“I’m sick of this crap! Why can’t they just figure this out?”
Scott was CEO of an engineering firm that produced communications hardware and software for industries around the globe.
He had worked hard with his board and senior leadership team to settle on their strategic M.I.T. for the next 18 months. They needed to launch a new product to remain competitive in a market they had once led.
He held a company meeting where he made the goal painfully clear to everyone in the room. “We need to get this new product to market by this deadline, or we’re out of business in five years.”
Within six weeks he was exasperated. His people were at war with one another. Several senior VPs were about to quit and the do-or-die deadline was looking like a dream.
We see this frequently: leaders lay out a clear M.I.T. (for more on the Most Important Thing), they check for understanding, and they turn their people loose to get after it.
Before too long, customer service and sales are at each other’s throats. Engineering and marketing are having shouting matches in the halls while finance and human resources won’t talk at all.
We’ve watched executives get frustrated and shout, “Why can’t you guys figure this out? Just work together and solve the problem!”
Maybe you’re a frontline leader and you’ve worked hard to establish a clear, shared team vision and the M.I.T. initiative for this quarter, but your team ends up squabbling.
Why Your Team Won’t Collaborate
When your people can’t unify in pursuit of a common, clearly established goal, the problem is usually that you’ve only established 50% clarity.
You’ve clarified results, but you haven’t clarified relationships.
In Scott’s case (and this is VERY common) he had made the new product a priority, but was still evaluating individual departments based on other criteria.
For instance, customer service was evaluated on their ability to retain customers, but at the same time, engineering was all but ignoring response-to-existing-customer requests in favor of getting the new product to market. So customer service naturally saw stubborn engineering as a threat to their bonuses and even employment.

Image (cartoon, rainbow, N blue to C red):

Customer service continually requested that sales lend some of their people to try to save existing accounts. Sales people were being assessed on quotas that were unrelated to the new product’s launch.
In short, everyone was doing what made the most sense for their individual success and was frustrated that their colleagues wouldn’t cooperate.
Scott had defined an overarching goal, but had left the organizational systems and processes untouched.
Those systems and processes were built to achieve different goals.
When his people came to him and asked whether the engineering prioritization of new product over customer retention was okay, he got frustrated. “Why can’t they just figure it out?”
The answer: Because he’d given them conflicting goals.
What To Do About It
Real teams succeed or fail together. They have a clear goal and they all have a clear role to play in achieving it.
Effective leaders establish clarity of results and relationships.
Clarity of results is often easier to define:
What’s the M.I.T. we must accomplish this year?
What are our three most important strategic M.I.T. initiatives?
What are the M.I.T. behaviors we need at the executive, manager, and frontline levels?
Clarity of relationships, however, requires you to address some additional questions:
How are roles and handoffs defined and communicated?
How do department or individual team member priorities align with M.I.T. initiatives?
What are the most important values, systems, and processes guiding everyone’s behavior?
In Scott’s case, this meant we had to ask and answer some tough questions:
Would customer retention goals be lowered or continue at prior levels?
Either way, how could these be achieved in ways that aligned with the timely new product launch?
How much attention should engineering give to resolving existing customer issues?
How would performance bonuses be changed to align with the stated M.I.T. of the new product launch?
If you’ve established a clear M.I.T. but people are siloed, caught in endless arguments, and won’t collaborate, take a hard look at the relational clarity and how you can get everyone aligned with the new goal – not just in theory, but in reality.
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